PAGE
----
THE NEWS that a certain Jonah Ortiz from the College of Science—where I am taking BS Biology—had fallen off the top floor of the Main Building had sent shock waves in and out of the University.

It happened during a sun-beaten midafternoon. My classmates and I were waiting for our professor to arrive when our class president received a text message that someone had fallen off the Main Building. We were having our class in the first floor. Hurriedly, my classmates made their way outside and found a busy crowd huddled over a sprawled body. There was a collective gasp. Hands covered mouths gaping in horror. He was apparently still alive, his body curled and aching terribly from the fall. Hours later, we got the news that he had died from internal hemorrhage.

Ortiz was a third-year Biology student and member of our college glee club. He had a happy disposition, according to some of my classmates in the glee club, where he was an officer. He was a go-to person in times of problems. The group would sing during our college’s thanksgiving Mass or for whatever occasion that would need entertainment. But I had never seen him. It was rather Orphic that the glee club would end up singing at the funeral of a member.

There have been speculations about his death, which remains shrouded in mystery: Whatever led to the unfortunate demise of a fellow Thomasian?

I think I am not in the right position to speak of death, but all I know is that it’s a reminder of man’s mortality. It’s a trope that ironically a young man like me is fond of talking about. Chilean poet Pablo Neruda, in his poem “Nothing But Death,” said death sweeps us like broomsticks at night, when we are asleep and most defenseless. And it will collect us all, one by one, or maybe in bulks, packaged and perfected.

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Now I have to bring up American poet Sylvia Plath here, having talked about “perfection in death.” Plath, who committed suicide by lodging herself into the oven and ultimately killing herself by carbon monoxide poisoning, had said “the woman is perfected” by the time she meets death, having been shaped by the rigors of time and stress, the woman shall only be complete and perfect through death, the final respite of man.

Likewise, my professor in physiology, in an interesting topic on homeostasis—the ultimate equilibrium of the body’s internal system—said in order to achieve the perfect state of homeostasis, our body should first reach the right amount of balance, first with our cells and our conditions like breathing and sleeping, but these are all not possible with the environment in its most taxing level. To this, making a flighty remark of course, our professor said that perfect homeostasis is only achieved in the perfect resting state: death.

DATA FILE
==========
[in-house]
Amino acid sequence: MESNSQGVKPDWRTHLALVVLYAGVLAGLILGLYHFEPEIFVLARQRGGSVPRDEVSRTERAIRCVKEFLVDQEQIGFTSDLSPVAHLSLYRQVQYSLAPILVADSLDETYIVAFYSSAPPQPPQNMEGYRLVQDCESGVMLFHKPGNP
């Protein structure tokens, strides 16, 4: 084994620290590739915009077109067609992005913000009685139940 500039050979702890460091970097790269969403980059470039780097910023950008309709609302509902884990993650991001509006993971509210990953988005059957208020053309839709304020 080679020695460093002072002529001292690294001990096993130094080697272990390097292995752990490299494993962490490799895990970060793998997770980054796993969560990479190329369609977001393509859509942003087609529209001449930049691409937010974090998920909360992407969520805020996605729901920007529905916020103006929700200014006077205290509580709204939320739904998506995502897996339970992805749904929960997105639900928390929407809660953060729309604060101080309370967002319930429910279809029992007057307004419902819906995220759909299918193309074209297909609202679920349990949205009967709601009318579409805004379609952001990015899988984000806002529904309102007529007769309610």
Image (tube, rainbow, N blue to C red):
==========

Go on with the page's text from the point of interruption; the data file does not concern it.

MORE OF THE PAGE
In the olden times, to speak of death was a taboo, never to be talked about. Only writers, scientists, and poets dared to touch this subject matter. People were dying of disease and depression, but many attributed this to natural causes.

Having mulled over it, having read countless accounts of death, some of which have stirred my bones for the accounts’ harrowing nature, and having read elegies (I recommend Czech poet Jirí Orten’s “A Small Elegy”), I have sought to find the meaning of death and its warrant of the final respite; but I am yet to learn more about it.

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I am in no position to pass judgment on anyone; I don’t know people like Jonah Ortiz who have died in suspicious circumstances. But in our most singular and different of ways, there is always a bridge that links us to one another, and I believe this can only be attained through helping hands. No bridge is built with just stones and cement; it needs a strong internal foundation that will make it sturdy.

We cannot control the fate of another, no matter how much we try to reach out to them. Their fate will be decided by their choice, and the why’s and wherefore’s of the inscrutability of God. But I believe our simple gestures of helping out would be greatly remembered, even in the other world.

For Jonah Ortiz, and those who have come before us, may they see the light at the end of the tunnel.

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